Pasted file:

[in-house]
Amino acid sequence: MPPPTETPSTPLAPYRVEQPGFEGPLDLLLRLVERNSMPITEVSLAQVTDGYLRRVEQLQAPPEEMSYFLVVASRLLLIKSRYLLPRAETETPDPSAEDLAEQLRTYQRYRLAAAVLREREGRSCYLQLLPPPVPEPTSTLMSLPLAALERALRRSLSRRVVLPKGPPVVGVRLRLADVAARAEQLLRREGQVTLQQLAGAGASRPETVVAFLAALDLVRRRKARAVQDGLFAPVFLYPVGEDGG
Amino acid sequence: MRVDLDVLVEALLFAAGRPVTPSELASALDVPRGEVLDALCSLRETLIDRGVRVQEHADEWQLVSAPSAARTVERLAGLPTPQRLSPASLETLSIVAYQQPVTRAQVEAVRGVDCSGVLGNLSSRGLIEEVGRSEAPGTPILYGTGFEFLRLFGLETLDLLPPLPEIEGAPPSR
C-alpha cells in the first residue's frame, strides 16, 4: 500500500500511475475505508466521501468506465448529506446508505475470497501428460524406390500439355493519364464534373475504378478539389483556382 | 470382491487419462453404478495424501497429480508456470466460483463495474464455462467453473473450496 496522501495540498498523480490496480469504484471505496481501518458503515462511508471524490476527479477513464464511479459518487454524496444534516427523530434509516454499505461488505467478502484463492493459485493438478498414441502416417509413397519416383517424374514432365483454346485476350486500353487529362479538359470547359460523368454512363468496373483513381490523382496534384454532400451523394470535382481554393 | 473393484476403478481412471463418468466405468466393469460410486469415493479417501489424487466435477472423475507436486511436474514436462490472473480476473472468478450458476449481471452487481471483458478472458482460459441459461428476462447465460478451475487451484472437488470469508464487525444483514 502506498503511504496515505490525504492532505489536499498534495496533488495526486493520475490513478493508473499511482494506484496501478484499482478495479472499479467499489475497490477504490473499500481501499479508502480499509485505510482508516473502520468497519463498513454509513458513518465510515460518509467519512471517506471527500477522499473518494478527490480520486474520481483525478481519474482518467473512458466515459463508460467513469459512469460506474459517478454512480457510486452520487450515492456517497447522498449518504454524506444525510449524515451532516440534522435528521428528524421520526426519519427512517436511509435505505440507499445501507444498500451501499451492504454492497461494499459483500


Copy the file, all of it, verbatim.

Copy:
[in-house]
Amino acid sequence: MPPPTETPSTPLAPYRVEQPGFEGPLDLLLRLVERNSMPITEVSLAQVTDGYLRRVEQLQAPPEEMSYFLVVASRLLLIKSRYLLPRAETETPDPSAEDLAEQLRTYQRYRLAAAVLREREGRSCYLQLLPPPVPEPTSTLMSLPLAALERALRRSLSRRVVLPKGPPVVGVRLRLADVAARAEQLLRREGQVTLQQLAGAGASRPETVVAFLAALDLVRRRKARAVQDGLFAPVFLYPVGEDGG
Amino acid sequence: MRVDLDVLVEALLFAAGRPVTPSELASALDVPRGEVLDALCSLRETLIDRGVRVQEHADEWQLVSAPSAARTVERLAGLPTPQRLSPASLETLSIVAYQQPVTRAQVEAVRGVDCSGVLGNLSSRGLIEEVGRSEAPGTPILYGTGFEFLRLFGLETLDLLPPLPEIEGAPPSR
C-alpha cells in the first residue's frame, strides 16, 4: 500500500500511475475505508466521501468506465448529506446508505475470497501428460524406390500439355493519364464534373475504378478539389483556382 | 470382491487419462453404478495424501497429480508456470466460483463495474464455462467453473473450496 496522501495540498498523480490496480469504484471505496481501518458503515462511508471524490476527479477513464464511479459518487454524496444534516427523530434509516454499505461488505467478502484463492493459485493438478498414441502416417509413397519416383517424374514432365483454346485476350486500353487529362479538359470547359460523368454512363468496373483513381490523382496534384454532400451523394470535382481554393 | 473393484476403478481412471463418468466405468466393469460410486469415493479417501489424487466435477472423475507436486511436474514436462490472473480476473472468478450458476449481471452487481471483458478472458482460459441459461428476462447465460478451475487451484472437488470469508464487525444483514 502506498503511504496515505490525504492532505489536499498534495496533488495526486493520475490513478493508473499511482494506484496501478484499482478495479472499479467499489475497490477504490473499500481501499479508502480499509485505510482508516473502520468497519463498513454509513458513518465510515460518509467519512471517506471527500477522499473518494478527490480520486474520481483525478481519474482518467473512458466515459463508460467513469459512469460506474459517478454512480457510486452520487450515492456517497447522498449518504454524506444525510449524515451532516440534522435528521428528524421520526426519519427512517436511509435505505440507499445501507444498500451501499451492504454492497461494499459483500